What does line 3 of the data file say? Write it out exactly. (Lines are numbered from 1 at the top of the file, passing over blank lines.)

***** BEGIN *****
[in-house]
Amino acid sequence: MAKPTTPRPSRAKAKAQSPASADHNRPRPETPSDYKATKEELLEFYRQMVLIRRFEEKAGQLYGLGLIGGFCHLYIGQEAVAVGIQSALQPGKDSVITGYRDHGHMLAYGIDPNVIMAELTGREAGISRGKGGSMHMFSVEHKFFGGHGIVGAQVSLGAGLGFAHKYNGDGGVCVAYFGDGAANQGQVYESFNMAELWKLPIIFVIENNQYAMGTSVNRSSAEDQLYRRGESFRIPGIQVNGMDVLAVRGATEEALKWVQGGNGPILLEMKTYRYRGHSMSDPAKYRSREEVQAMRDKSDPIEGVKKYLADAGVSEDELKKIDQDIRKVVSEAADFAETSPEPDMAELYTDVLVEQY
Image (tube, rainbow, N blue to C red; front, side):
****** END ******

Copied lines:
Image (tube, rainbow, N blue to C red; front, side):